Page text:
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A dragline in front of the SaskPower Shand Power Station. Nova Scotia, Saskatchewan and Alberta rely most heavily on coal for electricity. (Troy Fleece/The Canadian Press/Troy Fleece/The Canadian Press)
A dragline in front of the SaskPower Shand Power Station. Nova Scotia, Saskatchewan and Alberta rely most heavily on coal for electricity. (Troy Fleece/The Canadian Press/Troy Fleece/The Canadian Press)

Ottawa backtracks on coal emissions Add to ...

The federal government is offering the provinces a way to avoid tough new regulations that would eventually force power companies to shut down the country’s fleet of coal-fired power plants.

Environment Minister Peter Kent and Prime Minister Stephen Harper have privately indicated they are willing to provide flexibility in how new power-plant emissions rules are implemented, provincial and industry sources said Thursday. Mr. Kent is expected to release the final version of the long-promised regulations in the coming months.

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The change in stance by the federal government provides relief for some of the country’s biggest utilities. Alberta-based power generators such as TransAlta Corp., Capital Power Corp. and Atco Ltd. – as well as Nova Scotia’s Emera Inc. – have warned that a rigid approach to Ottawa’s plant-by-plant rules would increase costs, drive up electricity prices for consumers, and strand valuable assets by imposing arbitrary deadlines for power plant closings.

The Conservative government has long touted its proposed coal regulations as evidence it is serious about cutting the country’s greenhouse-gas emissions, even as it faced international condemnation for withdrawing from the Kyoto Protocol, which set specific reduction targets for Canada. Coal-fired generation accounts for roughly 16 per cent of Canada's electricity.

Now the federal government is willing to cede regulation of power-sector emissions to the provinces – as long as they have rules in place that would achieve equivalent reductions. The new approach would allow provinces to set overall emissions targets, rather than adhere to strict targets for each individual power facility as set out by the government’s original approach.

Mr. Kent has said he will follow the coal regulations with new rules on the broader power sector, and on the oil and gas industry. Energy industry executives are closely watching the rollout of the coal regulations for indications of what to expect. Typically, the sector prefers a more flexible approach that allows companies to manage their emissions across their entire operations, and to purchase credits to meet the targets.

Alberta, Saskatchewan and Nova Scotia – which rely most heavily on coal for electricity – have received assurances that Ottawa will not saddle them with cumbersome regulations in a sector that is primarily under their jurisdiction, the provincial and industry sources said.

A spokesman for Mr. Kent said the government is still reviewing submission on its draft coal regulations, which were issued last August, and that “it would be premature to comment.”

First promised nearly two years ago, the regulations would essentially prohibit the construction of new coal-based plants after 2015 unless they include carbon capture and storage (CCS) equipment to dramatically reduce emissions. TransAlta and Capital Power are considering a massive investment in a CCS project at their jointly owned Keephills 3 plant near Edmonton, but have worried that inflexible federal rules could derail the project.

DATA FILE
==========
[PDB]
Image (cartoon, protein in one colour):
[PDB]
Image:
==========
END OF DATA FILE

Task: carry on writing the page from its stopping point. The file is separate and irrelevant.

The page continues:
Ottawa’s regulations would also require companies to close plants after 45 years of operation – considered the typical commercial lifespan – unless they are equipped with CCS. The government says two-thirds of Canada’s coal-fired plants will reach the end of their commercial life by 2025, and more than 80 per cent will do so by 2030.

But the government’s regulatory impact statement issued last August noted that “some provinces expressed a desire for equivalency agreements” under which “the federal regulations would stand down and the provincial regime would apply.”

Officials from Nova Scotia and Saskatchewan said Thursday their governments will certainly be pursuing equivalency agreements so they can pursue their own regulatory approaches.

Nova Scotia has passed legislation that targets emission reductions of 25 per cent in the power sector by 2020. The province’s plan would not force Emera-owned Nova Scotia Power to close coal-fired plants but would require 40 per cent of overall electricity supply to come from renewables by 2020.

“We’re looking for the equivalency agreement to be worked on,” Environment Minister Sterling Belliveau said. “We’re going to achieve in our own approach, and it’s going to be less costly. So I’m hopeful they’ll take this all into consideration.”

Alberta has not yet pushed for an equivalency agreement, preferring to wait to see the final regulations, said Bob Savage, director of the province’s climate change secretariat. He said the province would look for an equivalency deal if federal rules prove to be incompatible with Alberta’s own regulations, which force companies to achieve annual reductions but allow for the purchase of credits from firms that can generate emission cuts more efficiently.

Saskatchewan is currently drafting climate rules for industry, and is counting on CCS technology to cut emissions from coal-fired power plants. But the province worries the federal regulations could snuff out CCS projects because they don’t allow sufficient time to prove the technology or the averaging of emission reductions across SaskPower’s fleet, said Kim Graybiel, director of the province’s climate change branch.

 
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